Some may argue Wimbledon built one with no extra use. But the fact is the weather in London during the beginning of July usually calls for rain. Heck they even put it into the plotline of the movie “Wimbledon” where a shower came through, which allowed the two protagonists to make up. If they made that movie today Paul Bettany and Kirsten Dunst would never have found love. Wouldn’t that have been a tragedy?

In Queens, however, the two weeks of the Open tend to be the driest of the year. Before 2008, the only other time the Open was pushed back until Monday in Flushing Meadows was in 1987. Before then you had to go back to 1974. Just because there was a lot of rain over the past few years doesn’t mean the USTA needs to shell out a quarter of a million dollars.

Let’s say they did. Arthur Ashe is built on landfill, as Flushing Meadows – Corona Park was once an ash dump (It was in the book the Great Gatzby as the Valley of the Ashes) and it foundation was once the foundation of the United States Pavilion of the 1964 World’s Fair, a building that’s half the size of the current structure. To put a roof on Ashe, they would have to redo the whole foundation and then put the covering on it. Or they would just have to blow up Ashe and start anew.

Unfortunately neither plan would be finished in a year, disrupting an Open or two in the future.

Another argument is to cover Armstrong Stadium, but then the USTA would have to expand that venue in order to accommodate, every ticket holder.

No, the USTA is stuck with Ashe, like it or not and putting a roof on the so-called “monstrosity” just doesn’t make sense. The Open would be better served using that money to expand the outer courts to accommodate more people. Frankly, those matches tend to get very cramped, very quickly.

But a roof? No need. The Open is better without one.

Pete Sampras Named Tennis Night in America Spokesman for 2011

WHITE PLAINS, N.Y. – Pete Sampras, a member of the International Tennis Hall of Fame, will serve as the first spokesman for “Tennis Night In America,” a joint promotional effort between the United States Tennis Association (USTA) and StarGames, Inc.

“Tennis Night in America,” the annual celebration of tennis that includes youth registration events at facilities around the country and concludes with the BNP Paribas Showdown at Madison Square Garden, will take place February 28, 2011.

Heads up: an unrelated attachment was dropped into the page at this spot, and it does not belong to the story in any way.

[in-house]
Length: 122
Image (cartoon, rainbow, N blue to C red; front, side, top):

“I am honored to be the first spokesperson for ‘Tennis Night in America’,” Sampras said. “Tennis was a great sport for me when I was young and having tennis facilities around the country come together to promote the game and the BNP Paribas Showdown makes for a great celebration for tennis.

“Last year Tennis Night had over 700 tennis facilities involved.  I would like to see that reach 1,000 in 2011.”

“Tennis Night in America” showcases tennis at local facilities around the country. In 2010, more than 700 tennis clubs and recreation centers hosted open houses, clinics and parties. Along with the festivities was the USTA’s Youth Registration Night, the organization’s largest youth tennis recruitment effort.

“Tennis Night in America is a great platform to raise awareness of our sport, and now with the help of one of tennis’ greatest stars, we can raise the level even higher,” said Kurt Kamperman, Chief Executive, Community Tennis, USTA.  “We believe Tennis Night can be a platform to kick off the tennis season in hundreds of markets throughout the United States.”

Sampras, who began his professional career at the age of 16 in 1988, holds 14 Grand Slam singles titles, the most Wimbledon titles (7), two Australian Open titles, five US Open singles titles, and the record for the most number of weeks as World No. 1 with a total of 286 weeks.

Sampras debuted in 1988 and played his last professional tournament in 2002 when he captured the US Open, defeating longtime rival Agassi in the final. Sampras walked away with a total of 64 singles titles and a World No. 1 ranking, which he held for a record six consecutive years from 1993 – 1998. Sampras was inducted into the Tennis Hall of Fame in 2007.

In addition to serving as the Tennis Night in America spokesman, Sampras will also play in the BNP Paribas Showdown. In 2011 the event will renew classic rivalries of the 80’s and 90’s, as John McEnroe and Ivan Lendl will compete in a one set pro match (first player to win eight games) followed by a best of three set match between Sampras and Andre Agassi. The four all-time greats have won a combined 37 Grand Slam Singles titles and 295 ATP Tour events.

“Tennis Night in America” began in 2009 and is a partnership between the USTA and StarGames, the co-promoter of the BNP Paribas Showdown at Madison Square Garden.

“We started ‘Tennis Night in America’ as a promotional idea, and with the partnership of the USTA, it has grown into an exciting grassroots program to involve the broad tennis community,” said Jerry Solomon, President and CEO of StarGames. “With Pete’s support and involvement this year, the whole concept is taken to an even greater level. Pete has been an inspiration to so many tennis players, and we look forward to him spreading the message of the game on this special day.”

The BNP Paribas Showdown is produced by StarGames and MSG Sports. Tickets will officially go on sale September 27 @ 10:00 a.m. and can be purchased at the Madison Square Garden box office and all Ticketmaster outlets. BNP Paribas Showdown information, including an opportunity to sign up for pre-sale alerts prior to tickets going on sale, can be found at www.tennisshowdown.com.

For more information on “Tennis Night in America,” fans around the country can visit www.tennisnight.com.

The Billie Jean King Cup Shows Why Tennis Is Great In New York

NEW YORK – There’s always one problem with the US Open every single year.

After it’s over, you have to wait 50 more weeks to see some live tennis in New York City.

Of course, a true fan of the sport can travel across the country – or even the world – to see the best play, but nothing compares to, as it’s called, the rock-and-roll atmosphere of the big city.

That’s why it’s refreshing to see an event line the 2010 BNP Paribas Showdown for the Billie Jean King Cup which took place on last Monday at Madison Square Garden. With Kim Clijster, Ana Ivanovic, Svetlana Kuznetsova, and Venus Williams playing an exhibition, a glimpse of the last summer came to New York during the cold winter.